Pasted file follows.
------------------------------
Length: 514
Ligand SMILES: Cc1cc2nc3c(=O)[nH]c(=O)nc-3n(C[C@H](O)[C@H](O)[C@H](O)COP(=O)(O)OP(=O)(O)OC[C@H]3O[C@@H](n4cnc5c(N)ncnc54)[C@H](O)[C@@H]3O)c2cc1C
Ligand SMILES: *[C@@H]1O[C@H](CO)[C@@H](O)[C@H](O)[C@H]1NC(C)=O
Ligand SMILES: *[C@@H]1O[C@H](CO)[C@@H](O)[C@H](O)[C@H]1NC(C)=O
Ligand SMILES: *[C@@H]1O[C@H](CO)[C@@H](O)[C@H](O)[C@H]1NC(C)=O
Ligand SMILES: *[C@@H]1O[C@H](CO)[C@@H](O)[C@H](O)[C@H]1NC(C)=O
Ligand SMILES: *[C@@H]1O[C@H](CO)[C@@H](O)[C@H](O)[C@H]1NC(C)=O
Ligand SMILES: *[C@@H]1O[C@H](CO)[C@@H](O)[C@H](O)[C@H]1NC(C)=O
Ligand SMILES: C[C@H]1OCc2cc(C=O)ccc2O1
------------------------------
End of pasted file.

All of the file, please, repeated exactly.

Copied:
Length: 514
Ligand SMILES: Cc1cc2nc3c(=O)[nH]c(=O)nc-3n(C[C@H](O)[C@H](O)[C@H](O)COP(=O)(O)OP(=O)(O)OC[C@H]3O[C@@H](n4cnc5c(N)ncnc54)[C@H](O)[C@@H]3O)c2cc1C
Ligand SMILES: *[C@@H]1O[C@H](CO)[C@@H](O)[C@H](O)[C@H]1NC(C)=O
Ligand SMILES: *[C@@H]1O[C@H](CO)[C@@H](O)[C@H](O)[C@H]1NC(C)=O
Ligand SMILES: *[C@@H]1O[C@H](CO)[C@@H](O)[C@H](O)[C@H]1NC(C)=O
Ligand SMILES: *[C@@H]1O[C@H](CO)[C@@H](O)[C@H](O)[C@H]1NC(C)=O
Ligand SMILES: *[C@@H]1O[C@H](CO)[C@@H](O)[C@H](O)[C@H]1NC(C)=O
Ligand SMILES: *[C@@H]1O[C@H](CO)[C@@H](O)[C@H](O)[C@H]1NC(C)=O
Ligand SMILES: C[C@H]1OCc2cc(C=O)ccc2O1